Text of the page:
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American military units were evacuated from the US Virgin Islands on Sunday

Maria is expected to become a dangerous major hurricane as it nears the Leeward Islands in the Caribbean.


The category one hurricane will rapidly strengthen over the next 48 hours and will hit the islands late on Monday, says the US National Hurricane Center.


It is moving roughly along the same path as Irma, the hurricane that devastated the region this month.


Hurricane warnings have been issued for Guadeloupe, Dominica, St Kitts and Nevis, Montserrat and Martinique.


A hurricane watch is now in effect for Puerto Rico, the US and British Virgin Islands, St Martin, St Barts, Saba, St Eustatius and Anguilla.


Some of these islands are still recovering after being hit by Irma - the category five hurricane which left at least 37 people dead and caused billions of dollars' worth of damage.

In its latest update on Monday, the NHC says Maria has maximum sustained winds of 90mph (150 km/h).


The eye of the storm is 100 miles east of Martinique, and Maria is moving west-northwest at about 13mph.


"Preparations to protect life and property should be rushed to completion," the NHC says.


The most southerly point of the Leeward Islands - where Maria will first strike - include Antigua and Barbuda. The latter island was evacuated after being devastated by Irma.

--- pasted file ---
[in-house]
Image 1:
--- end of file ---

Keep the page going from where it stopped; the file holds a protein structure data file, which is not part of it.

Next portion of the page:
Source: BBC

Monsoon rains have killed at least five people, including two toddlers, in Mumbai as India's financial capital ground to a halt under flooding.

Roads were hit by waist-deep flooding, flights cancelled and train services suspended, stranding tens of thousands.

More rain is expected but the situation has improved for now, the BBC's Suranjana Tewari says.

US President Donald Trump has again blamed both sides for the violent unrest in Charlottesville, Virginia, which left one protester dead and others injured.

In a statement on Monday, he had condemned white supremacists. But in New York on Tuesday he also blamed left-wing supporters for charging at the "alt-right".

He also defended the time it took to make his statement, saying he had wanted to establish all the facts.

The hillside collapsed on to dozens of houses in Regent after heavy rain

At least 600 people are still missing following a mudslide and flooding that devastated parts of Sierra Leone's capital, Freetown, a spokesman for the president has told the BBC.

President Ernest Bai Koroma earlier pleaded for "urgent support", saying entire communities had been wiped out.

Nearly 400 people are confirmed dead after a mudslide in the Regent area and floods elsewhere in Freetown on Monday.